Posted by Abe Sauer on July 12, 2011 11:30 AM
Forbes blogger Jeff Bercovici gives Newsweek both barrels in a piece with the headline "Did Sarah Palin Use Newsweek for Product Placement?"
The accusation is that Palin not only pulled one over on Newsweek by sporting a hoodie with an "Edge Fitness" logo on the magazine's current cover story, but that she also may have broken Federal Trade Commission guidelines on endorsements and testimonials.
Turns out she might be OK, but two other conservatives may be in trouble.Continue reading...
chew on this
Posted by Dale Buss on July 11, 2011 12:30 PM
On the day that the Obama administration had to ruefully acknowledge that the unemployment rate is rising again – to 9.2% in June – the US Association of National Advertisers tried a clever tactic that attempted to leverage renewed fears about joblessness to advance what probably ranks as the ANA’s No. 1 public-policy concern these days.
The ANA produced a study purporting to show that a cross-agency federal proposal to curtail marketing of certain products to kids could translate to the loss of at least 74,000 American jobs in the retailing, marketing and manufacturing of foods and beverages that the government believes contribute to childhood obesity.Continue reading...
can't buy me love
Posted by Shirley Brady on June 30, 2011 05:45 PM
Nivea is not only getting older — the European skincare (it prefers "body care") brand turns 100 this year — but a little wiser.
The US Federal Trade Commission this week ruled that Nivea must pull its ads for its My Silhouette! cream, which claims using the cream leads to weight loss via the active ingredient: "Bio-slim Complex."
The advertising watchdog, which has been on the warpath against brands making diet claims in their marketing, also ordered Nivea's parent company, Beiersdorf, to pay a stiff $900,000 fine.Continue reading...
Posted by Sheila Shayon on May 31, 2011 05:00 PM
>The Federal Trade Commission is revising its “Dot Com Disclosures: Information About Online Advertising” document that was released in 2000.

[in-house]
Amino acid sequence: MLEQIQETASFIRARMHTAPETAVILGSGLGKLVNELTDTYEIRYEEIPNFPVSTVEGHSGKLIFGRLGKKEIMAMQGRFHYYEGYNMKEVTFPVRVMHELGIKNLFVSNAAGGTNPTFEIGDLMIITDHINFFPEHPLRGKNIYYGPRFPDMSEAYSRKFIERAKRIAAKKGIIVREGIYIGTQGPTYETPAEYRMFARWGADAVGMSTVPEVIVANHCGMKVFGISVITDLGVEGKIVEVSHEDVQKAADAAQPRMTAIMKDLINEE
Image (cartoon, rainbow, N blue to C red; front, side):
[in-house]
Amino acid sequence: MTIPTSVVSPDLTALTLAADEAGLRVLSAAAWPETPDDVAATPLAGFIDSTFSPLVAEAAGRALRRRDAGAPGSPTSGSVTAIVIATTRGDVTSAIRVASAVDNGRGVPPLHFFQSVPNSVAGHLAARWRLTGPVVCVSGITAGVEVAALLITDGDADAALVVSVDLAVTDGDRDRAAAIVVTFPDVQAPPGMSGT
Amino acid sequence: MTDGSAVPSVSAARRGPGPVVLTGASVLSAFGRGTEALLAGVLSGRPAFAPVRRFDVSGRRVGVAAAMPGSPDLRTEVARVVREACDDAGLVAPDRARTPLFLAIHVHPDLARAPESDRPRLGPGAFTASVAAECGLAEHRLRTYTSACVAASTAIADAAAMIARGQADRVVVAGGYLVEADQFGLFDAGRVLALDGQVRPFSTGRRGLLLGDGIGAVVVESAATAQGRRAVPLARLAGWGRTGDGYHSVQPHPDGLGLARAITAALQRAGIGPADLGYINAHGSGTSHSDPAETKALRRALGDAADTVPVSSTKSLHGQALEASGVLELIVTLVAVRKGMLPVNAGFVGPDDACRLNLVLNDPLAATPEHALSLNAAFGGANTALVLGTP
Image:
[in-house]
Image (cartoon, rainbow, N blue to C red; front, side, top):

Those guidelines state that companies must adhere to the same consumer protection laws online that they do in print and TV, including notification to users about product risks and privacy policies advertised online, with specifics about how those disclosures appear on a website or online ad, and in accessible language.
Since publication over a decade ago, the online landscape has undergone a sea change to include mobile marketing, apps, widespread use of “pop-up blockers,” and the rise of social networking.Continue reading...
brands under fire
Posted by Dale Buss on May 25, 2011 05:00 PM
POM Wonderful executives may be enjoying all the attention spawned by buying the title sponsorship of Morgan Spurlock's product-placement documentary, POM Wonderful Presents: The Greatest Movie Ever Sold. But there’s another show going on, in Washington, D.C., that actually may have more to say about the long-term fate of the brand.
And this one could be called The Obama Administration Presents: Watch What You Say. After first clamping down on the brand's ad claims last year, the Federal Trade Commission is still squeezing the pomegranate juice giant as part of the agency’s campaign to get food and beverage companies to throttle health-benefit claims in their marketing and advertising.Continue reading...
Posted by Abe Sauer on May 4, 2011 12:00 PM
Throughout his new documentary, POM Wonderful Presents: The Greatest Movie Ever Sold, director Morgan Spurlock contemplates the influence on advertising, product placement and what it means to "sell out," or he interchangeably calls it, "buy in."
When we first heard that POM Wonderful was the marquee brand attached to the project, we wondered if Spurlock was getting used by a brand that had already participated in nearly the exact same stunt with TIME magazine. Now that the movie is out, and POM's side of its cross-promotional bargain with Spurlock is gearing up, it's clear we were right.
POM is using Spurlock to carry its (flavored) water, helping the beverage-maker skirt any charges from the FDA and FCC about making unfounded claims about the supposed health benefits of its juice. And while Spurlock gleefully cops to "selling out" to his brand partners in order to make a point (and some cash) for his movie, he doesn't seem to understand how much he's compromising with the title sponsor of his film.Continue reading...
Posted by Shirley Brady on March 9, 2011 06:00 PM
Walmart's first Express mini-store is coming to Arkansas.
Morgan Stanley is preparing layoffs.
NPR Ombudsman will be interviewed by CNN's Piers Morgan tonight, as PBS confirms it was targeted by the same sting operation.
ANA responds to FTC on "do not track" issue.
BBC reports that its news crew in Libya was detained and beaten by Gaddafi forces.
Carlos Slim tops Forbes' 2011 list of world's richest; Bill Gates is #2.
Foursquare rolls out biggest product launch in its history, including deals-based "specials" for advertisers.Continue reading...
Posted by Dale Buss on March 9, 2011 09:00 AM
AARP sues over reverse mortgages.
Adidas opens women's concept store in Seoul.
Asahi hits roadblock in Australia push.
BMW to expand lineups of EVs and hybrids.
Daimler and Rolls-Royce launch bid for Tognum.
Dynegy faces Chapter 11.Continue reading...